Long also exercises his competitive juices with two Interstate Sawing race teams – one snowmobile, the other motocross. He’s joined in the latter team by his and Sandi’s three children: Sam, 12; Ben, 8; and Emma, 7.

What now?
When asked which division (see box on page 54) offers the greatest opportunity, Long says “all of it.” Initially the firm only did road sawing, but now Long says its strength is in its diversity. Some types of jobs are seasonal, so when something slacks off, the company can fill up its scorecard with other work.

Long just started a new firm, Interstate Scanning Technologies, to offer ground-penetrating radar, a technology that goes hand in hand with concrete cutting since utility locating is required prior to cutting concrete inside buildings.

Other opportunities beckon. Because concrete cutting uses up blades and other wear parts at a significant rate, Long estimates the company spends about $35,000 a month on parts. “Concrete cutting is an abusive process,” he says. And so in addition to its services, Interstate Sawing follows an industry practice and sells sawing wearables such as blades to its clients. Although these sales average about $20,000 a year now, Long sees the company developing a store-front operation to up the ante on this business.

Since he takes such diligent care of his own fleet, Long is also interested in providing truck fleet maintenance services. “People call me asking if I could paint and letter their trucks,” he says. “We can make a construction vehicle look very nice.”

Field to office
Last year, Long – who got his nickname from the ribbing he took as a teen who listened to country music – left field work behind him. “There came a point when I would go out into the field and the company growth would go on hold,” he says. Unable to visualize the future – which Long insists requires being in the office and talking to his customers – he stopped spending the majority of his time in the field. “You become scatterbrained when you’re micromanaging,” he states. “I needed to start being a manager.”

There’s no doubt the scope of Long’s role has changed. During its first year of operation, Interstate Sawing brought in $450,000 in revenue; by the end of 2004 that figure had risen to $4 million. Since the average job ticket is $1,200, that $4 million involves a lot of paperwork. Long can still keep within-spitting-distance accounts receivable and accounts payable figures in his head.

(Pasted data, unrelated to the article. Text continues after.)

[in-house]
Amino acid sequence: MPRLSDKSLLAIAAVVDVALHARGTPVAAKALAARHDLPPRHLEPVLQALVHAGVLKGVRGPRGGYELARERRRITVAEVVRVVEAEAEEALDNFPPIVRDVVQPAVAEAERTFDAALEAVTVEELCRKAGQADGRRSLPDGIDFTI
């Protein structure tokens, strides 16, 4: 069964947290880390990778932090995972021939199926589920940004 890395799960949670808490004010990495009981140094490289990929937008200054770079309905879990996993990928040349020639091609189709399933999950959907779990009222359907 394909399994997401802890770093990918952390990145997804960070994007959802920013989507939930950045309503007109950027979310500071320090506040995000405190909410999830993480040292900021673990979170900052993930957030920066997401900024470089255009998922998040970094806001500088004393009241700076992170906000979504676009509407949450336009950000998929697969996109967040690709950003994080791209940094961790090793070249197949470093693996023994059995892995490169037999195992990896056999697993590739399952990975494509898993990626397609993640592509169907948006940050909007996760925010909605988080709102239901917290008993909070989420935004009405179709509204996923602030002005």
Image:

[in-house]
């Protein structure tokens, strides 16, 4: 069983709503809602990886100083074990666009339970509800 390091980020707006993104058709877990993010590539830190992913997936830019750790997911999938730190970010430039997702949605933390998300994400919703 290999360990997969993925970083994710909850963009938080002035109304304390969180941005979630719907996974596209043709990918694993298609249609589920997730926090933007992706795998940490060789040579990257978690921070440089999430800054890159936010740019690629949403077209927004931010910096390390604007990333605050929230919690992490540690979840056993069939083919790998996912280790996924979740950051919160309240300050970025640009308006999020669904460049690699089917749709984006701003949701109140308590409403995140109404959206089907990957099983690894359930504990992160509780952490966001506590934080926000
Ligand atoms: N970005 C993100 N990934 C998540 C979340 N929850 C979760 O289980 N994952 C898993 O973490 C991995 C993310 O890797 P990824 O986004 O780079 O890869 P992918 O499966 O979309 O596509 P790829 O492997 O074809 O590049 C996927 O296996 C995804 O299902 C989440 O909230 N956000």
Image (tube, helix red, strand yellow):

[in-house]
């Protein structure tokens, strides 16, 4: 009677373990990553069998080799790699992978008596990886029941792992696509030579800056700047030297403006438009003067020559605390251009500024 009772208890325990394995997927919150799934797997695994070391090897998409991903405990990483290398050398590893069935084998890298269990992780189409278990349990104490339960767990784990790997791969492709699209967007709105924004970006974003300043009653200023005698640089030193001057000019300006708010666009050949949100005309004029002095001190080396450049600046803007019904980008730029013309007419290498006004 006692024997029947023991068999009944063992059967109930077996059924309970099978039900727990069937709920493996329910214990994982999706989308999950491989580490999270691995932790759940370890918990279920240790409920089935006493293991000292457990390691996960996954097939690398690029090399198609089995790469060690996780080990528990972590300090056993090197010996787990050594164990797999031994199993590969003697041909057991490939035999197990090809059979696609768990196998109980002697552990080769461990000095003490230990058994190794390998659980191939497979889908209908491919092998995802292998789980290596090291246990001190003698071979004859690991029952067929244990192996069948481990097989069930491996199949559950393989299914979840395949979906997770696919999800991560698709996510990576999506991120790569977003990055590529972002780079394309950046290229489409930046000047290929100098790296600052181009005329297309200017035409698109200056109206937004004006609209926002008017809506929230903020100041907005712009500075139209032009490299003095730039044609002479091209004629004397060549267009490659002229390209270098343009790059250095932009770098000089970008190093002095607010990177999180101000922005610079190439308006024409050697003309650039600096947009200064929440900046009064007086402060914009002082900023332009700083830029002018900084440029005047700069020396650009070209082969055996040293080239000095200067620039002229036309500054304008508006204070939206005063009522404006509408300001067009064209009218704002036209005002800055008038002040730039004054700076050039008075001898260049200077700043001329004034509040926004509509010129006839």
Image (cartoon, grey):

“I’m always studying the income statement, cash flow and balance sheet,” he says, indicating the company finances a lot of long-term growth on short-term cash flow. “I don’t want to put us in a cash-flow crunch,” he comments. “We have a line of credit we haven’t touched in three years and we pride ourselves on paying our bills on time.” In addition to better pricing, Long relishes the respect this practice generates.

The company averages about 35 jobs a day, all in a state of flux. Jobs regularly change, are canceled or double in size. While most of its work is in Wisconsin, the company has ventured into seven other states.

Long relies on his managers, including a sales manager and shop manager. He gives his four salespeople leeway to wine-and-dine clients; he’s more interested in results.

The attorney-accountant-insurance-banker team he started with is still on call. When it sometimes felt like the business was falling apart, the team would pull out Long’s numbers and tell him not to worry. Long would worry anyway – about making it to the next job, about where the next job was coming from, about how he was going to make payroll.

Another part of his moral support structure was his brother Clete Long, a masonry contractor. “He’s got a whatever-it-takes-to-get-the-job-done mentality,”
he says.

But through it all and above it all there was Sandi. “When things get emotional, you need to have someone who will listen to you and not fight against you,” Long says. “Sandi backed me up 100 percent.”

Want to start your own firm? Here’s what Long advises:

  • Make sure you know your trade.
  • Don’t have any bad habits.
  • Have an excellent support system.
  • Be passionate about what you’re doing.
  • Don’t go crazy after a good year. There needs to be 100 percent sacrifice for at least five to seven years. “You’re going to make a lot of mistakes and you’ve got to be able to absorb them financially,” he says.
  • Worry about your own business, not your competition’s.
  • Don’t forget where you came from.

The Equipment World Contractor of the Year contest is sponsored by Caterpillar and Wacker.